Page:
Come nightfall, I found I had to be extremely careful behind the wheel, and not because here you drive on the left. Doing that is easy after the first 10 minutes, and roads are pretty empty anyway. No, when it's dark, nocturnal marsupials like wallabies and wombats come springing out of the bush in front of cars. Tasmanian highways are, sadly, full of roadkill. It's odd to see street carnage made up of such an exotic menagerie (dead kangaroos, eyes shining in the headlights of my car), but in a way, it's a refreshing example of culture shock. (My rental car, by the way, is costing me about US$22 a day from Avis.)

Heavanly Hobart

Tasmania (or as locals call it, "Tassie") is wild and full of undeveloped expanses for hiking and camping, but the capital is a lovely, slightly square town that up to a few months ago didn't even have supermarkets that opened on Sunday. In general, Tasmanians have long been both the most conservative yet the most free-spirited of all Australians. The weather helps. Instead of the summertime swelter on the mainland, evenings call for jackets and light coastal showers are common. The rounded peak of Mount Wellington, which surveys the city at a fair distance, is by evening covered in a healthy-looking white cloud. Right around then, Hobart's easy-going population wanders down to the docks or to the row of historic buildings along Salamanca, where galleries and pubs attract through the night. Salamanca's also where you'll find the interesting Antarctic Adventure; Hobart being the base of operations for Australia's Antarctic teams, this high-tech museum, including a planetarium and a "cold room," aims to teach visitors about life on the Frozen Continent (US$8,

In addition to world-class sailing (the Prince of Denmark is in town for a yachting event), Hobart is famous for its lovely wood-frame homes, which line the hills around the Derwent River and recall gentle wharfside cities such as San Francisco or Wellington, New Zealand. Naturally, it's a terrific place to have a stroll and get seafood; I went to Mure's, a popular seafood joint on the docks, for grilled Blue Grenadier that was flopping around the Tasman Sea that morning; a massive plate cost me US$5. God bless that Australian exchange rate! \tab

The garden at Corinda's Cottages, Hobart, Tasmania\tab Once again, I chose a true winner for my accommodation. I'm two-for-two, and I'm beginning to wonder if every property in Tasmania is drop-dead gorgeous. This one's a delightful wooden Hobartian mansion called Corinda's Cottages (, and just as the name implies, it supplies guests with a mini-house all to themselves. Mine, the "Servant's Quarters," began life as a tool shed for convict workers 160 years ago, and guests still tread hand-sawed floorboards. The owners, Matthew and Wilmer, have painstakingly renovated and designed each cottage in full-on Australian country style. Downstairs, I had a full kitchen, foyer, washer/dryer, wood fireplace, and bathroom with a claw-foot tub, and upstairs (yes-a duplex for US$65) I got a massive bed, a walk-in closet, and a sitting room. Everywhere, antiques caught my eye and steeped my accommodation in old-world style. The makings for breakfast were in my fridge. For me, there's no prettier place to stay in Hobart; apparently others agree, because this morning, the back garden, with its vista of the city, was rented out for a big wedding.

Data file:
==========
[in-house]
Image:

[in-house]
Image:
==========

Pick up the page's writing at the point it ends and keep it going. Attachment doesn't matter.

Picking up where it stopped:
A half-hour northeast of Hobart, the town of Richmond is as sweet and well-preserved a slice of old Australian life as you're ever going to see. Its bridge is well-known in Australia for it picturesque arches and evocative British span, and the town gaol (jail) is probably the best-preserved in the whole country. There are still graffiti marks on the window shades put there by convicts in the 1840s.

I know many of you will be jealous about my final activity here in Hobart: I donned a hairnet and went to the Cadbury chocolate factory for a tour. It costs US$7 and on it, you can not only get nosy with workers as they concoct Cadbury's confections, but you do it a complex that smells of rich warm chocolate-every step you make is steeped in the stuff. Naturally, you get tons of free samples along the 90-minute tour (I lost count at 15 pieces of fresh chocolate and fudge of many types), and at the end of the tour, there's an outlet shop where I bought about two pounds of Caramello bars (one of my favorites) for US$2.50. I don't care what anyone says-chocolate is much better if it's made outside the United States. It's richer, it's creamier, it's chocolaty... Hershey's has nothing on foreign-made Cadbury. (You have to book several days ahead to get on a tour: 011-61-3-62-490-333/inside Australia: 1800/627-367.)

{Editor's note: Have you ever vacationed in Australia? Have an instructive anecdote or tip you'd like to share. Simply click here to send a message to our editors and we may use your comments in an upcoming Letters to the Editor column.}